TIME animals

Fearless Fagan: Portrait of the Lion as a Young Actor

Back in the early 1950s, LIFE magazine saw fit to report on -- and to exhaustively photograph -- a lion named Fagan not just once, but twice.

Back in the early 1950s, LIFE magazine saw fit to report on — and to exhaustively photograph — a lion named Fagan not just once, but twice. The first time the magazine ran a story on Fagan was in February 1951, when an article informed LIFE’s readers that a 24-year-old Army private stationed at Fort Ord, Calif., had requested a 14-day furlough for his cat. That is to say, for his really big cat: a mature male lion.

Private Floyd C. Humeston had raised the lion from a cub, brushed its teeth, combed its fur and, LIFE claimed, had “evolved an English-German gibberish that Fagan not only understands but answers with growls and gurgles which his master understands.” Humeston was trying to find a home for the growling, gurgling beast after he (Humeston, not Fagan) had been drafted.

Flash forward five months, to July 1951, when a “sequel” to the first article, titled “Fearless Fagan Goes Hollywood,” appeared in the magazine’s pages. (The photos in this gallery were shot for that July ’51 feature.) LIFE provided a recap of the previous article, while revealing the lion and its master’s latest adventures:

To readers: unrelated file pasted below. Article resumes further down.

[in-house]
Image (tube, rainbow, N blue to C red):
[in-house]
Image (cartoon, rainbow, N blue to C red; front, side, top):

Readers of LIFE’s Feb. 12 issue may remember the house-hunting tribulations of fearless Fagan, a pet lion whose master, Floyd Humeston, had been drafted. One reader not only remembered the story but thought it would make a movie. Since he happened to be an M-G-M producer named Sidney Franklin Jr., nothing was easier than to whip up a script and get it put on the production schedule. The only thing lacking was Fagan himself. Tracking him down, the studio learned he was undergoing some new tribulations. Expelled from his temporary shelter at the Monterey Humane Society because he couldn’t pay for cage and board, he had wound up at a circus in Ohio where a keeper was trying to alienate his affections from his old master. Private Humeston wrangled a furlough to get his pet back to California. There Fagan is being introduced to those alternations of luxurious ease and hard work which make up a movie star’s life.

The movie that Franklin produced, Fearless Fagan (1952), had real talent attached to it: Charles Lederer, the writer of Gentlemen Prefer Blondes and Ocean’s Eleven, wrote the screenplay; Stanley Donen (who helmed Singin’ in the Rain) directed; and Janet Leigh was one of its stars.

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